Comprehensive coverage

Tips for good health from grizzly bears / Amy Nordrum

What can humans learn from animals that remain in continuous hibernation for several months

Credit: ALAMY. Brown bears are able to persist in their hibernation for eight months.
Credit: ALAMY. Brown bears are able to persist in their hibernation for eight months.

Hibernation is a complicated solution to a simple problem. Food in winter is scarce. To survive the season of scarcity, some species of animals, such as arctic ground squirrels and black bears, enter a dormant state during which physiological changes occur in their bodies that allow them to survive despite the lack of food, water and movement. Researchers and doctors alike are interested in knowing how the hibernation tricks might help human health.

The danger: stroke
Insight: Blood flow in the brain of arctic ground squirrels drops during hibernation to one tenth of the normal state. Normally, such a lack of oxygen would have caused a stroke. But the squirrels can survive throughout the winter because the metabolic rate in their bodies drops to a rate of two percent of the rate in the summer and therefore much less oxygen is needed to sustain them. It's possible that if emergency responders could slow the metabolism to the same extent immediately after a stroke, perhaps by cooling the body, permanent brain damage could be prevented, says Brian Barnes, a biologist at the University of Alaska at Fairbanks.

Danger: diabetes
Insight: When people gain weight they often stop responding to insulin. This hormone regulates the amount of glucose that cells take up from the blood. Excess blood sugar causes type 2 diabetes. However, grizzly bears that add more than 45 pounds to their body weight each fall do not have diabetes. A recent study found that the fat cells of grizzly bears become more sensitive to insulin as they prepare for hibernation, allowing the bears to continue processing and storing sugar. Scientists at the biotechnology company Amgen are testing whether it is possible to achieve a similar phenomenon in people with diabetes by adjusting the level of this protein in their blood.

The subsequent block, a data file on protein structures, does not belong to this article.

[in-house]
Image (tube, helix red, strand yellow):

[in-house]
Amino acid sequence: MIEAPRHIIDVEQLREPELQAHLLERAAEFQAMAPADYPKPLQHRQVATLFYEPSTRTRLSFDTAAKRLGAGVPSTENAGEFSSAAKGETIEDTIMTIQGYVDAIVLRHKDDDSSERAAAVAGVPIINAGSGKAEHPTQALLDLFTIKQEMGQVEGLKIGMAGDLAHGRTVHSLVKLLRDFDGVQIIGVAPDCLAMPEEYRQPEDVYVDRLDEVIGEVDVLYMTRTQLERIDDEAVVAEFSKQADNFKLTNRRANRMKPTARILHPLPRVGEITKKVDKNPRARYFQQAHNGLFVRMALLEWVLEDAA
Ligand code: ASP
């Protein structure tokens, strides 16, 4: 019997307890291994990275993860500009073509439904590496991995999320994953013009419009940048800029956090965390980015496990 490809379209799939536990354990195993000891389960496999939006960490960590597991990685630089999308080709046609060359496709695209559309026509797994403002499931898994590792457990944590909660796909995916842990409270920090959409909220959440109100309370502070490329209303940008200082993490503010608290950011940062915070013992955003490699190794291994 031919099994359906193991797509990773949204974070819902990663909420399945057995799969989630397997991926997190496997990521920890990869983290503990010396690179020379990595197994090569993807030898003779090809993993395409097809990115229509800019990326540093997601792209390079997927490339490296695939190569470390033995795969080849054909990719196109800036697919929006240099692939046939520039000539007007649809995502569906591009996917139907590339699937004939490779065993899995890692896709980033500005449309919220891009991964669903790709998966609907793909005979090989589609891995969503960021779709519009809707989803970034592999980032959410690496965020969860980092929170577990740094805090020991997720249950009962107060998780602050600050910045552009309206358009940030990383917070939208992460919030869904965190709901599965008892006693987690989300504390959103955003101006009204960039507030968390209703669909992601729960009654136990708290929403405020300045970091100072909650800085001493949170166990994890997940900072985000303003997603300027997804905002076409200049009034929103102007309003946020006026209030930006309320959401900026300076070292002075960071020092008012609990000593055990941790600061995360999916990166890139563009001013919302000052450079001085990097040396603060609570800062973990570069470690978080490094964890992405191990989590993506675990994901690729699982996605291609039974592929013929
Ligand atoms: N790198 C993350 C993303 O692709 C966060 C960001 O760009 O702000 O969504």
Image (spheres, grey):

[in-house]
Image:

Danger: bone depletion (osteoporosis)
Insight: If humans were to lie in one place for a long time without food, their bones would slowly disintegrate. In contrast, a black bear emerges from its den as strong as ever because its bones are recycled during hibernation at a rate about 25% lower than normal levels. Researchers at Colorado State University are now trying to identify the hormones that control this extreme restriction on bone turnover. Their goal is to produce a medicine that, like the bears, will protect the bone density of people who are at high risk of suffering from bone loss.

Danger: heart disease
Insight: During heart surgery, when the heart stops beating, the patient suffers from a lack of oxygen. To cope with the deficiency, the body switches from an aerobic (aerobic) metabolism to an anaerobic (anaerobic) metabolism. The change produces lactic acid whose accumulation can kill cells. This type of damage does not occur to arctic ground squirrel cells during their hibernation because the squirrels break down more lipids than sugars even when their heart rate drops to one beat per minute. Researchers at Duke University and the University of Alaska at Fairbanks are collaborating to try to understand how this species prioritizes lipids as fuel in hypoxic conditions. Finding a way to get patients undergoing heart surgery to use this pathway could reduce the extent of organ damage during surgery.

The article was published with the permission of Scientific American Israel

Leave a Reply

Email will not be published. Required fields are marked *

This site uses Akismat to prevent spam messages. Click here to learn how your response data is processed.